Many of the UK’s 12 million people with a hearing loss rely on facial expressions and lipreading to communicate. The now widespread use of face masks has been a difficult issue to navigate over the last year.
Face masks make communication difficult as they can act as a barrier, distorting sounds and blocking higher speech frequencies. There is the added challenge that attaching a face mask can dislodge a hearing instrument.
The hearing instrument manufacturers recognised this issue early on in the pandemic and worked to identify technology solutions to compensate for masks in hearing instruments.
Strong noise production in a hearing instrument is essential given the challenges masks present. An instrument needs to be able to correctly analyse a sound and identify the right sounds through the barrier of a mask. A number of manufacturers have added filters that can be selected when speaking to a person with a face mask.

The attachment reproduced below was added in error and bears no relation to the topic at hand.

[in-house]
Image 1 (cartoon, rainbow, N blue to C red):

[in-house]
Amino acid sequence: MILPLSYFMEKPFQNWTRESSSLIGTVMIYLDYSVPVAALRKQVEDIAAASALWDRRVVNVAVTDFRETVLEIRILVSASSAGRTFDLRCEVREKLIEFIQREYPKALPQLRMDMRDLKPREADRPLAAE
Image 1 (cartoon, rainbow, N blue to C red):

Paul Surridge, BIHMA Chairman, commented: ‘The technology in hearing instruments is constantly being adapted to address the new situations we face in this pandemic. This has been a truly challenging time for those with hearing loss, and we are doing our very best to use our technology to support the deaf community.”
A year into the pandemic, there has been a lot of research and analysis put towards addressing this issue. BIHIMA has pulled together a set of useful resources that advises audiologists and patients on the use of masks for those with hearing loss.